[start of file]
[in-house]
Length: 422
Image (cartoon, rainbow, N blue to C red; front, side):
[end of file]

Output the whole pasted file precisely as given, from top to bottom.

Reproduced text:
[in-house]
Length: 422
Image (cartoon, rainbow, N blue to C red; front, side):